5)What did you do before your gaming career started?
I have part of an engineering degree, and I had a short career as a professional juggler. All of this leads naturally to a game publishing career. I guess. From 1984 to about 1993, my main business was promoting my own juggling act, and publishing an instructional book called Contact Juggling. I also did freelance graphic design and technical writing, as well as comic book writing and illustration. And the kind of odd jobs that jugglers have, like scooping ice cream.
6)What made you want to be involved in the gaming industry?
I saw the success of Richard Garfield and Wizards of the Coast and realized that game inventing could be a paying job. I’ve got a passion for entertainment and mathematics, and I’m not bad at publishing, so it took a while to make sense of it all but I think I was destined for this career for a long time.
7)What is your favorite game in the Cheapass line and what is your favorite non-Cheapass game?
My favorite non-Cheapass game is poker, if you measure by hours spent playing. I learned a lot from Magic:the Gathering at a critical time in my career, but I also learned by watching that game’s imitators that I would rather create something new than make incremental changes to a thing I know. There’s less money in innovation, but it’s where I would rather be.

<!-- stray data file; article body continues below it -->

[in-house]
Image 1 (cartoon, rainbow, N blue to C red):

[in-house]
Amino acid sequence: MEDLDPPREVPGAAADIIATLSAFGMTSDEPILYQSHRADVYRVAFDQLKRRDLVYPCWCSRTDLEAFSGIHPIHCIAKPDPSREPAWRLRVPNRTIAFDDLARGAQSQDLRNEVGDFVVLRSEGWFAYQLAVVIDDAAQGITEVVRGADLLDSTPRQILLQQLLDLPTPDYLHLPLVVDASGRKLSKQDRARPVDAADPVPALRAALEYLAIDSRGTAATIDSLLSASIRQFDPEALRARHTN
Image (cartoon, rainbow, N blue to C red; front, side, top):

Of all the games I’ve invented, I am most fond of Tak, but that’s not technically in the “Cheapass” line… we put a “James Ernest” logo on that box. Other favorites are Lords of Vegas and Pirates of the Spanish Main, also not from Cheapass. My favorite CAG branded game might be Diceland, a quirky little game that never really got off the ground.
8)Is your family also heavily involved with tabletop gaming?
My wife Carol is VP of Cheapass Games, so yeah. Our daughter Nora is fifteen, and she’s more of a console gamer than a tabletop gamer, but we will rope her into working the booth at Gen Con this year, and then she will either be hooked, or vow to escape at the earliest opportunity. Either way, we win.
9)Your company has some of the (in my opinion) best customer interaction out there, what would you say is the reasoning behind that?
Everyone will tell you that customer service is important, but I think our approach to it comes from a time when we didn’t have the budget for anything else. Our customers are our greatest advocates, and board games spread by word of mouth, so we figure that one happy customer can lead to many more.
10)For anyone out there that is hoping to be a part of the gaming industry, what would be your advice?
Nobody gets into this business for the money. Our industry is populated by people who have a deep passion for games and for gaming, and who create, promote, and sell games because they love it. If you feel like that describes you, then you can probably find a home here.
I hope all of you enjoyed this great, mini in-depth interview! I want to say thank you to Mr. James Ernest and Cheapass Games for this interview, it means the world to me that great companies like yourselves have time for us little guys. Until next time… Live by the Board.